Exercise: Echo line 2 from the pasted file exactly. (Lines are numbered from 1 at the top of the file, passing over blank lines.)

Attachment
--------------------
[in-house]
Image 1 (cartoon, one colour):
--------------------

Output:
Image 1 (cartoon, one colour):